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The Magic Number

One of the hardest battles for a sales manager to wage is to achieve that crucial balance — the fight between getting all the money and giving the bike away.

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What should I be holding in terms of gross margins? How do I accommodate the discount shopper and not build my business model around him? How do I serve the customer who is willing to pay a premium for the high level of service that he desires? Is it reasonable to hope that I can be known as the discounter and the high-end service dealership? Can I be Wal-Mart, offering low prices and no service, and at the same time be Nordstrom’s, personal service at premium prices?

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One of the hardest battles for a sales manager to wage is to achieve that crucial balance — the fight between getting all the money and giving the bike away. I’ve never seen a dealership where that question isn’t asked in some form or another. So what is the magic number? How do we set the policy to accomplish that end?

Recently our director of dealer development and former dealer principal, Tom Orlando, had a fairly lengthy discussion with one of our dealer clients (we’ll call him Joe) both on the phone and in e-mail form on that very subject. What follows comes from the conversations and from a journal Tom wrote after one of those conversations.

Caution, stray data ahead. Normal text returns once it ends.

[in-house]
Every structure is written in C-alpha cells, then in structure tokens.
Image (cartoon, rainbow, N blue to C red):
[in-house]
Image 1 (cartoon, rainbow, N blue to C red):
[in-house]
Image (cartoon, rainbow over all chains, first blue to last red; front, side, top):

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Joe: Tom, what do I do about the discounters in my area? It seems that if I don’t adjust my pricing policy, I can’t compete with them.

Tom: Joe, I told my sales manager that if he wasn’t "giving away" a certain percentage of my bikes to keep a customer from buying elsewhere, he wasn’t doing his job right. Likewise, if he was giving them all away, he wasn’t doing his job right either.

Joe: I’m sure that locked his head up a bit.

Tom: You have to find the right balance and put it in process along with policy. If you just have a discount pricing policy, you’ll force yourself into being the discount dealer; you’ll never get the opportunity to get retail.

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Joe: Yeah, but what is the right balance between giving them away and getting retail?

Tom: It’s more about the mix between policy and process. When we started tracking different factors in order to find the right mix, we measured three things starting with local market share. If we were getting a higher penetration of the local market, we knew that we were rendering it "not worthwhile" for our local customers to drive just to beat our deal. That, of course, turned into more access to any after-sale service and/or P&A sales those local customers would make. If you are asking for retail every time and working every deal for every dollar, you should be able to maintain front end gross while being number one or two in your local market share. The prerequisite for that is that once you get all the money, you have to roll the unit. The test is as follows: Can I replace the bike or can I replace the customer? Have I gotten every dollar available from this customer? If not, go back and get more. If so, can I make a phone call and replace the unit today? If I can replace the unit, make the call and roll it. If not, then and only then, you may have to pass on the deal. Just remember that every deal you don’t take results in X number of tires you don’t sell, X dollars of F&I profit you don’t get and X number of service and P&A sales you don’t get.